Goals of promoting water in child care include enabling children at an early age to become accustomed to drinking water as the beverage of choice for quenching thirst, and helping to develop the life-long healthy habit of consuming non-caloric water instead of sugar-sweetened beverages. To address water availability in this setting, the Healthy, Hunger-Free Kids Act of 2010 mandates that all child-care facilities participating in the Child and Adult Care Food Program (CACFP) provide free drinking water throughout the day, including at meal times. Additionally, a new California statute, AB 2084, effective January 2012, established a similar requirement for all licensed child-care facilities as a part of a new set of beverages standards. This research project sought to: 1) determine how to reconcile the new federal and California laws requiring water availability in child-care settings with concerns of some practitioners that water might displace valuable milk and food consumption, and 2) to develop recommendations on best practices for promoting water intake to children in child-care settings to alleviate those concerns. The research team completed a scientific literature review including published studies as well as unpublished sources such as research websites and scientific conference abstracts and proceedings. They then convened approximately thirty experts and stakeholders to review the research findings, comment on the best practices and recommendations, and suggest revisions. The focus of the discussion was on young children ages 1 to 5 years. Input from this convening informed the development of recommended best practices for provision of water to preschool-age children in the child-care setting.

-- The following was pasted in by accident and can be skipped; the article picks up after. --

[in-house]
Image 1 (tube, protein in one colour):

Clarifying and Disseminating the Value of Promoting Water Consumption in Child-Care Settings
Providing Water With Meals is Not a Concern for Young Children: Summary of the Literature & Best Practice Recommendations
Promoting water intake has been proposed in order to displace the intake of sugar-sweetened beverages, and new federal and California laws now require water availability in child-care settings. However, some child-care staff have voiced concerns that if young children are provided water with meals, they will fill up on the … More
The USDA Special Supplemental Nutrition Program for Women, Infants, and Children (WIC) provides critical nutrition assistance to lower-income women, infants, and young children. During the coronavirus pandemic, unemployment has risen to levels greater than experienced during the Great Recession, and food insecurity has also increased, making WIC’s role more important … More
Stories of Success: A Qualitative Examination of Contributors to Excellence in School Drinking Water Access
Drinking water instead of beverages with added sugar can help prevent obesity and cavities and promote overall health. Children spend much of their day in school, where they have variable access to drinking water. In 2010, federal and state law required California public schools to provide free potable water to … More